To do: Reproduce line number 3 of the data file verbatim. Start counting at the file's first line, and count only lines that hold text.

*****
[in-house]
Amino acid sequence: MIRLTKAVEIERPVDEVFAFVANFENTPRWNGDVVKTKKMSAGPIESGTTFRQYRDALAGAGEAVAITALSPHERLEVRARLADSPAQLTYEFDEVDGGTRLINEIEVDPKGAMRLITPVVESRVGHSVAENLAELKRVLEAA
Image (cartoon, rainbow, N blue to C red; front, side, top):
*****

Image (cartoon, rainbow, N blue to C red; front, side, top):